Tamara Kantzes: Reports on her first year with CI

Tamara (Tammy) Kantzes was in both the ACL Pre-Institute that I taught last summer on creating a CI Latin Classroom as well as the Pedagogy Rusticatio sponsored by SALVI.  Tammy has written a response to Keith Toda’s recent blog on end of the year things. Please read his post, and this one from Tammy.  They offer real reports from what teachers are doing learning, feeling, thinking and reflecting on as they make these transitions from traditional Latin classrooms to CI classrooms.  Much thanks to Tammy for allowing us to post her report here.  Bob Patrick



I have been reading your blog since day 1!  Each time I needed inspiration, it seemed that you had posted something new and I tried it.  I have 10 instructional days left, and I am proud to say that I have also made it through an entire year of teaching using CI techniques.  I am so incredibly burned out and exhausted.  I remember you telling me that you had tried teaching this way before and only made it for about 6-9 weeks before reverting to familiarity because TCI was challenging and exhausting.  I am definitely exhausted and plagued with self-doubt, but I’m already making plans to implement this style into the next level of Latin and how to improve what I did this year.

I have failed in all those ways which you have listed.  In addition, I have the self-talk, self-doubt happening: What have I done to these students?  Have I really taught them anything?  Most of them don’t use endings to make themselves clear, but they are aware of the endings.  What should they know and be able to do?  (I have started looking at ACTFL’s “I can” statements, but that is entirely overwhelming.)  Have I “dumbed down” the curriculum?  How can I take away the textbook which, I think, forces me to be more vocabulary centered while sheltering the grammar?  If I don’t have a textbook, then what do I do?  At this point, I really need structure to help guide me, which the textbook gives me; I need more help in how to plan for this approach.  This year was “flying by the seat of my pants” on a daily basis – exhausting.  To make matters worse, the National Latin Exam made me feel like a huge failure.  I have never taught to the test, but in the past we have always had lots of Latin I awards including medals.  This year we had two.  O me miseram!  We won’t even talk about AP.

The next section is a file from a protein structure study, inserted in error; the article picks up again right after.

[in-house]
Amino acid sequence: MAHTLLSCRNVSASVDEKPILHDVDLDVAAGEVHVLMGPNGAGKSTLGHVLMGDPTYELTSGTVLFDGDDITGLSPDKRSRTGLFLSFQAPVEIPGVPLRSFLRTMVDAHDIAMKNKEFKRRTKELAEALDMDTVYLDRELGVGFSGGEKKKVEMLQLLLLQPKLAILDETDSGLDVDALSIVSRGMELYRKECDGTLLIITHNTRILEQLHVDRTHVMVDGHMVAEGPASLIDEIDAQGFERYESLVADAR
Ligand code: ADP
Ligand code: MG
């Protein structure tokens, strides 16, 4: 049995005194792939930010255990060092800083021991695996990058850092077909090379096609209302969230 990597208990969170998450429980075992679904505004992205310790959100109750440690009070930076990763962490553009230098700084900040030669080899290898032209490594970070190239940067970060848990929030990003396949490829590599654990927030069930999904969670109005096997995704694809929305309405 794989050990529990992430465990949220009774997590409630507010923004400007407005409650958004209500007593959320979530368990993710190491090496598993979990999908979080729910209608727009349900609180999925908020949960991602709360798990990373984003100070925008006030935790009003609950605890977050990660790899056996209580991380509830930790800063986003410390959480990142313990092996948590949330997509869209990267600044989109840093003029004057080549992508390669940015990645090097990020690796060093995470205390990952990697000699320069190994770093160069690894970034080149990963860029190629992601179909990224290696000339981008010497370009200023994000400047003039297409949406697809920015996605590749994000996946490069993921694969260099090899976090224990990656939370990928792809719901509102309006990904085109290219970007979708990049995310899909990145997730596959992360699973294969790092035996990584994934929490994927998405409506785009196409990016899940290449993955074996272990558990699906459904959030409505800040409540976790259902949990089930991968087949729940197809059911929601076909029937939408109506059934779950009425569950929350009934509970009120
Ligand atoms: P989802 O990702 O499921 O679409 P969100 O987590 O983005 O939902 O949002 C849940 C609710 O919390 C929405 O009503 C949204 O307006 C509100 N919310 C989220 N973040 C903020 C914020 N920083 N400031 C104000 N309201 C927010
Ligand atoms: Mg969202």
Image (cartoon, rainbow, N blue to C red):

On the other hand, I had a similar experience as you when an observer came to my Latin Literature classroom.  Granted, these are students that I have taught for either four or five years; they are not all four percenters, but close.  While we have always used questioning techniques with reading passages in Ecce Romani, we never really did much in the way of oral Latin when we moved to authentic Latin.  I love my Latin Literature class because we have no AP test at the end, and we can just enjoy Latin Literature at a leisurely pace.  They also let me practice on them.  Sounds lovely, doesn’t it?  We were reading Ovid’s Daphne and Apollo. The observer is situated in the back of the room.  We quickly moved from English into Latin and began talking about the passage that they had prepared the night before.